New AHURI report into competition and consumer choice in housing assistance

Increasing supply of affordable housing critical to enabling competition and consumer choice in housing assistance

AHURI is pleased to release the report from its Inquiry, ‘Individualised forms of welfare provision and reform of Australia’s housing assistance system’.

The Inquiry found that, due to shortages of affordable accommodation, it is difficult for low-income households to exercise choice in the private rental market, and that competition and consumer choice in housing assistance depends on an increase in affordable housing supply.

The consumer choice model is being implemented in aged care and disability services, and the Government has asked the Productivity Commission to look at employing it across more human services. The model proposes that when welfare recipients are given ‘choices’ it leads to better outcomes as organisations compete to deliver greater choice and more responsive services while recipients develop self-reliance.

Professor Keith Jacobs, who led the Inquiry, said, ‘The supply of affordable housing could be increased by Government offering bonds to raise funds for community housing providers; shared equity schemes that encourage first-time buyers to buy a proportion of a property; and a new affordable finance institution (similar to the UK’s Housing Corporation) to lend funds to community housing providers for new building programs. In addition, the transfer of public housing dwellings to community housing providers can give households choice in that there is a diversity in providers and management styles.’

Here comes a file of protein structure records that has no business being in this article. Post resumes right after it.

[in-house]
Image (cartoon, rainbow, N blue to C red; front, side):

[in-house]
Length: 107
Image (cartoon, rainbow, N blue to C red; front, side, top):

The Inquiry also proposes strategies to implement consumer choice through creating markets (or quasi markets) for welfare services. Such markets could enable private, not-for-profit and government organisations to compete in providing different types of housing assistance. Where appropriate, housing assistance clients could have a personal budget to access the ‘bundle of assistance’ they require, such as support for those who have ongoing and complex needs. However, the Inquiry does note there are significant risks associated with consumer choice strategies and that, as a consequence, Government will have to regulate the sector and monitor service standards into the future.

The AHURI Inquiry draws on the findings from researchers from University of Tasmania, Swinburne University of Technology and The University of New South Wales, and was informed by a panel of experts from housing policy and practice.

The final report from the Inquiry is available to download from the AHURI website at